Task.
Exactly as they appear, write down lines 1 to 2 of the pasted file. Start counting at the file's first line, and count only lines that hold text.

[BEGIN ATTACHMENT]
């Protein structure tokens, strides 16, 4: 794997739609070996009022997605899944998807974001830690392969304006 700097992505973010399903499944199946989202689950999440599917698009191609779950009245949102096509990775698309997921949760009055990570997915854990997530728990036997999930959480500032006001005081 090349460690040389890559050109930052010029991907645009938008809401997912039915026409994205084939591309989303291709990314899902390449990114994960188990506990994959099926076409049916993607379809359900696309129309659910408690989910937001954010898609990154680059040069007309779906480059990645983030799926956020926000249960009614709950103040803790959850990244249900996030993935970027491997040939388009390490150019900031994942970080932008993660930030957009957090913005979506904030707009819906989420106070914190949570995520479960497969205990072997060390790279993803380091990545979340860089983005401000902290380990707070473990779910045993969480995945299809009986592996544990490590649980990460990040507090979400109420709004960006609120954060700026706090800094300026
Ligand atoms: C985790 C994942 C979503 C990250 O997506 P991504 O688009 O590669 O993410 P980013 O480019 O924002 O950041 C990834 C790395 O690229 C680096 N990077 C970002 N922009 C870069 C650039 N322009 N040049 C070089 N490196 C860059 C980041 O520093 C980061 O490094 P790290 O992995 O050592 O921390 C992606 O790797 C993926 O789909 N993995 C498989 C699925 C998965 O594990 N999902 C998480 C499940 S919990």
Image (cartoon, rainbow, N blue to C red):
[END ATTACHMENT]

């Protein structure tokens, strides 16, 4: 794997739609070996009022997605899944998807974001830690392969304006 700097992505973010399903499944199946989202689950999440599917698009191609779950009245949102096509990775698309997921949760009055990570997915854990997530728990036997999930959480500032006001005081 090349460690040389890559050109930052010029991907645009938008809401997912039915026409994205084939591309989303291709990314899902390449990114994960188990506990994959099926076409049916993607379809359900696309129309659910408690989910937001954010898609990154680059040069007309779906480059990645983030799926956020926000249960009614709950103040803790959850990244249900996030993935970027491997040939388009390490150019900031994942970080932008993660930030957009957090913005979506904030707009819906989420106070914190949570995520479960497969205990072997060390790279993803380091990545979340860089983005401000902290380990707070473990779910045993969480995945299809009986592996544990490590649980990460990040507090979400109420709004960006609120954060700026706090800094300026
Ligand atoms: C985790 C994942 C979503 C990250 O997506 P991504 O688009 O590669 O993410 P980013 O480019 O924002 O950041 C990834 C790395 O690229 C680096 N990077 C970002 N922009 C870069 C650039 N322009 N040049 C070089 N490196 C860059 C980041 O520093 C980061 O490094 P790290 O992995 O050592 O921390 C992606 O790797 C993926 O789909 N993995 C498989 C699925 C998965 O594990 N999902 C998480 C499940 S919990």